I was delighted to be asked to be a guest speaker at two of the Learn2Live presentations (South Devon College and Plymouth Pavilion). I was very impressed with how the presentations were put together and delivered, and with the level of support that was offered both to speakers and importantly to students who attended who were affected by what they heard.

The team of presenters included members of the fire, ambulance and police services and a victim’s family member. They each recalled their personal experience of dealing with the consequences of a road traffic collision in a very moving and powerful way. It highlights very effectively the impact dangerous driving has on so many people and educates students in what they can do to help prevent other tragedies in the future.

The feedback I received from the two Learn2Live presentations I took part in was tremendous. Not just in terms of the volume of comments and replies but in the strength of support and commitment shown by the students in wanting to promote safe driving and change behaviour for the better.

In my opinion the Learn2Live presentations are a very effective way of educating students about making better choices when driving or as a passenger.

All the evidence suggests that young people who take part in the L2L events experience a real change in attitudes towards driving. With the statistics indicating a real benefit and a reduction in those horrifying figures quoted earlier, we are calling for the campaign to spread wider and into Somerset, where narrow country roads and winding faster A roads offer tempting opportunities to drive fast and dangerously.

 

 

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The emotional impact of a road traffic incident…

This post has been written by Rosemary Pell, one of our colleagues at RUSS – the Road User Support Service – a unique organisation based in the South West, offering complete rehabilitation assistance to help deal with the emotional problems and trauma as a result of a road traffic incident. For more information, do contact us here at The Terrace and we will be happy to give you more information.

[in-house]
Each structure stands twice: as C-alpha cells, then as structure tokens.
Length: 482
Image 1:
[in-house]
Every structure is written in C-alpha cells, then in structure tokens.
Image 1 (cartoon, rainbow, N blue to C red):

Staff at Road User Support Service

Staff at Road User Support Service

This is my first post and I admit to feeling a little apprehensive!  However, my irrational fear pales into insignificance when I consider the symptoms experienced by some of my clients after they have been involved in or affected by a road traffic incident (RTI).

My main business (RUSS – Road User Support Service) professionally supports people who are finding it hard to come to terms with the aftermath of a collision, whether they are drivers, passengers, cyclists, pedestrians, witnesses or family members.  The treatment available is irrespective of the severity of the incident or of blame.  It maybe the incident was a horrific life changing event or a considered to be just a minor bump.  However, each client’s experience is unique to them and is treated with the upmost respect and care.

It was owing to my personal experience of two head on car crashes, in addition to training in trauma therapy, that has brought me to this work which I have felt privileged to be involved in and enjoyed for 17 years.

You may know someone who is suffering after a road incident who may have one or all of the following symptoms, and may have some others to add to the list:

–  Flashbacks and/or intrusive thoughts

–  Sleep disturbance

–   Impaired concentration

–   Lethargy

–   Mood swings, anger, irritability

–   Social withdrawal

–   Reduced work performance

–   Avoidance of driving, being a passenger – maybe preferring to walk or use public transport

–   Generally anxious and fearful

All of the above are normal reactions.  Some symptoms will settle down with the passage of time, others may need professional intervention.

Coping strategies, information and advice is available free on the RUSS website www.roadusersupportservice.co.uk. RUSS also has a Team of appropriately qualified counsellors to assist clients in coming to terms with the incident, one of whom, Annie Rivers, works at The Terrace in Taunton. In addition we also have empathic Approved Driving Instructors who help drivers regain their confidence and lessen anxiety when they are behind the wheel.

Next time I will write about victims, survivors and thrivers and give you a very interesting case study!

Thanks for reading my 1st Blog.  I hope you have found it interesting and helpful.

Rosemary Pell, Manager RUSS.